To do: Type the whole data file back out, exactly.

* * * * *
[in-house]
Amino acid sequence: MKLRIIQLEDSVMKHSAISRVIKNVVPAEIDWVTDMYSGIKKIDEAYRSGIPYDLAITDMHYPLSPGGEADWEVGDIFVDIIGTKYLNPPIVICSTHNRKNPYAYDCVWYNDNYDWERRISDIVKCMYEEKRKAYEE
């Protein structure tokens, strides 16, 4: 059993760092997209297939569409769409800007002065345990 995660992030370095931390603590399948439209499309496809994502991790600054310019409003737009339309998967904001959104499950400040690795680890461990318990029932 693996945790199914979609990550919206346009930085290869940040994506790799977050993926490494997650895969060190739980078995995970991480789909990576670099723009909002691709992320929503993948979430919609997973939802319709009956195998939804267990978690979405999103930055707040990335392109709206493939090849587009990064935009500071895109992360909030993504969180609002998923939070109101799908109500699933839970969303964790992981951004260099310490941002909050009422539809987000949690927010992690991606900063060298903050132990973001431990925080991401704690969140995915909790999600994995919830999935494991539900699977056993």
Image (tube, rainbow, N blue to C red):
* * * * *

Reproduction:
[in-house]
Amino acid sequence: MKLRIIQLEDSVMKHSAISRVIKNVVPAEIDWVTDMYSGIKKIDEAYRSGIPYDLAITDMHYPLSPGGEADWEVGDIFVDIIGTKYLNPPIVICSTHNRKNPYAYDCVWYNDNYDWERRISDIVKCMYEEKRKAYEE
């Protein structure tokens, strides 16, 4: 059993760092997209297939569409769409800007002065345990 995660992030370095931390603590399948439209499309496809994502991790600054310019409003737009339309998967904001959104499950400040690795680890461990318990029932 693996945790199914979609990550919206346009930085290869940040994506790799977050993926490494997650895969060190739980078995995970991480789909990576670099723009909002691709992320929503993948979430919609997973939802319709009956195998939804267990978690979405999103930055707040990335392109709206493939090849587009990064935009500071895109992360909030993504969180609002998923939070109101799908109500699933839970969303964790992981951004260099310490941002909050009422539809987000949690927010992690991606900063060298903050132990973001431990925080991401704690969140995915909790999600994995919830999935494991539900699977056993």
Image (tube, rainbow, N blue to C red):